There is a persistent myth that innovation projects and stock market-listed companies don’t mix well.
Big stock market-listed companies are often hesitant to innovate believing that big innovation projects simply won’t pay off in a timescale that works for them. New business ideas can lose money for years before they finally come good; while chief executives think in quarters, and often are only in the role for just a few years.
The main conundrum we face is the short-termism of business.
This is still true, despite all the recent hype about companies like Tesla.
“The main conundrum we face is the short-termism of business — the bigger the company the more short-termist, especially for stock market-listed ones,” says Julian Ritter, associate partner at Stryber, the innovation consultancy.
“To really make a difference, companies have to spend tens or hundreds of millions scaling up a new business, and that’s the point where executives hesitate. They would rather spend a few million here and there.”
To some extent, Ritter says, they are right. A company like Netflix is admired for diversifying out of its original DVD rental business into streaming, but the truth is that Netflix lost money for years on streaming before the business came good. Tesla was lossmaking for years.
The research: is there really an innovation penalty?
But the Stryber team wanted to dig deeper into the stock market effects of innovation. Was there really a penalty for innovators in terms of share price?
Actually, they found that that stock market rewards companies that are more innovative and — this is the crucial bit — they reward them pretty quickly, even before the diversification efforts are fully realised. In other words, stock markets love innovation.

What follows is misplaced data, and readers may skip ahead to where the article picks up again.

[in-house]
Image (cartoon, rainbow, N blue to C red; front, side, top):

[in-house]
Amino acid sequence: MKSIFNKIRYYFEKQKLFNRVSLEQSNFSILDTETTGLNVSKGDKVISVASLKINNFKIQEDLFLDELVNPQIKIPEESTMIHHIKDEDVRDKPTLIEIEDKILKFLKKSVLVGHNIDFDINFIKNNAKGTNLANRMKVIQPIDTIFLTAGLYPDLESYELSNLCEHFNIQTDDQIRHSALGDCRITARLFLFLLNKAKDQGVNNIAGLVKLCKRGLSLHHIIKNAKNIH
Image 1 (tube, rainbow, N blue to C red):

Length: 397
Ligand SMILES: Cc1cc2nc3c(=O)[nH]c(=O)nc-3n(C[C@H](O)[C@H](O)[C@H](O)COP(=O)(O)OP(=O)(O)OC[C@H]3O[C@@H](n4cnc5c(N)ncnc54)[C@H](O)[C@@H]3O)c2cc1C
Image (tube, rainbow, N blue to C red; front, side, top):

Stryber analysed 1,838 listed companies in the US and Europe between 2010 and 2019, and looked at how many of them diversified their revenue segments during that time. This is a reasonable proxy for innovation — if you are adding a new revenue stream to the business you are commercialising new business models and serving new customer needs. Amazon adding web service provision to its ecommerce activities is a good example of diversification.
Diversification, by this definition, is quite rare. A majority of companies — 68% — did not diversify during the 10-year period. Just 4% changed so much that more than 50% of their revenues in 2019 came from business segments that didn’t exist in 2010. This is probably not a huge surprise.
But when companies did diversify, the stock markets loved it.
Stryber looked at the total shareholder return for companies — the uplift in their share price plus any dividend payments, divided by the number of shares. Total shareholder returns were 54% higher for companies with the highest level of diversification, compared to those that didn’t diversify at all. Even companies that diversified moderately outperformed those that didn’t diversify at all.
Stryber mentions some obviously innovative companies like Amazon and Netflix, but the diversification rewards apply to less high-profile companies as well, such as Duerr, a German supplier for the automotive industry.
Duerr was originally best-known for making machinery that paints cars for automakers (you can see why it’s not exactly a household name) but it has been relentless in adding other business segments, such as exhaust-air purification systems and acquiring a maker of woodworking machinery.
Some 36% of Duerr’s revenues in 2019 came from business segments it hadn’t had in 2010. In the same period, the company generated total shareholder returns of 26%. To put that into perspective, companies that didn’t diversify at all had total shareholder returns of 7.3% on average for that period.
Even in the short term, innovation pays off.
The fact that companies got an uplift over ten years was perhaps not surprising. What was surprising, says Ritter, was that the share prices of companies that diversified rose quickly — within the first three years. This was often before any real effects of the diversification would have become apparent on performance.
“Even in the short term, innovation pays off,” says Ritter.
Of course, it could be something of a trend. Stock market investors do prioritise different corporate behaviours at different times. Sometimes they applaud cost-cutting or takeovers, while right now it is innovation.
But Ritter believes the trend is here to stay. Even during the first wave of the pandemic, investors demonstrated their keenness to invest in more innovative companies — there has been a clear recognition that business is changing and companies must keep up.
“Even if this is a trend, it is accelerating and will be with us for some time,” said Ritter.